Mass deportation happens often with minimal due process. In 2009, 231 immigration judges heard more than 300,000 cases – an average of over 1,200 per judge. Dana L. Marks, an immigration judge in San Francisco explained that asylum hearings often feel “like holding death penalty cases in traffic court.”

Immigration court is a bit like traffic court. It is an administrative court without the due process protections of criminal courts. In immigration proceedings, you have no right to legal representation. You can be detained without bond. You can be deported without a full hearing. Ryan, for example, never got to tell a judge that he had come to the United States when he was six, that he qualified for and had applied for citizenship, that he was a college student, that his daughter had just been born, or even that he had no family or friends in Jamaica.

The 1996 laws took away most of judge’s discretionary power in aggravated felony cases. Those convicted now face mandatory and automatic deportation, no matter the extenuating circumstances. Even legal permanent residents like Ryan who have lived in the United States for decades, and have extensive family ties in this country, are subject to deportation for relatively minor crimes they may have committed years ago.

How do we make sense of this? Why is the United States deporting more people than ever before? Why are black and Latino men targeted? And, why are deportation laws so draconian?

In my forthcoming book, Deported: Immigrant Policing, Disposable Labor, and Global Capitalism (NYU Press 2015), I argue that mass deportation is best understood as an instance of racialized state repression, a practice that has a long history in this country.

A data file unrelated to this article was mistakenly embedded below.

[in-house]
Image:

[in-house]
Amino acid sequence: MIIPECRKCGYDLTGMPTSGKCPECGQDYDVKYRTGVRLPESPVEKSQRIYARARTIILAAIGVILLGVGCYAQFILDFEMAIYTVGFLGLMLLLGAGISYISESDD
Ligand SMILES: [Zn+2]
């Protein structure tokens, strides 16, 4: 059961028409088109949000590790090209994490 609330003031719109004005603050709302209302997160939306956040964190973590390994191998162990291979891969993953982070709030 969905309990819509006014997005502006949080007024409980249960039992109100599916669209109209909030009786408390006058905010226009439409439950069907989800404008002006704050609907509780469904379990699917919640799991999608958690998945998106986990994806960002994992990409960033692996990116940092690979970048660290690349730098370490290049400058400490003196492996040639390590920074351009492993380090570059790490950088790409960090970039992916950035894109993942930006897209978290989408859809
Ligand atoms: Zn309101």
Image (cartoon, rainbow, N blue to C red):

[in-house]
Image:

The racialized and gendered nature of immigration law enforcement – specifically the targeting of black and Latino men – should be unsurprising to anyone familiar with the history of state repression in the United States. The enslavement of African Americans, the internment of the Japanese, and the mass deportation of Mexicans in the 1930s were all official state practices that targeted specific ethnic or racial groups.

In today’s political climate of colorblind racism, it is unacceptable to have a policy that explicitly targets one group. However, it is legal and acceptable to have a policy that – in its implementation – produces disparate outcomes. Insofar as deportation laws are colorblind in their language, it is legally permissible that they are discriminatory in practice.

It is thus well beyond time to change the course of history. We can start by repealing the 1996 laws.

Tanya Maria Golash-Boza is Associate Professor of Sociology at the University of California, Merced. She is the author of several books, including Immigration Nation (2012) and Race and Racisms (2015). Her forthcoming book, Deported: Policing Immigrants, Disposable Labor and Global Capitalism, will be published by NYU Press in 2015.

Race, ethnicity, and policing

Last year, the killings of unarmed black men by white police officers—the shooting of Michael Brown in Ferguson, Missouri and the chokehold death of Eric Garner in New York City—sparked massive protests and a politically-charged debate on race, policing, and the use of force that continues across the country today.

Here at NYU Press, we rounded up a few experts on the topic, including co-editors Stephen K. Rice and Michael D. White and contributors Amanda Geller, Matthew Hickman, Robert Kane, William Parkin, and Ronald Weitzer of Race, Ethnicity, and Policing: New and Essential Readings (NYU Press, 2010).

race

Hands up, don’t shoot

One of the responses to the recent police-involved killings of unarmed black men has been a call for police departments to diversify. If police forces were more racially diverse, do you think this would alleviate tensions between police and communities?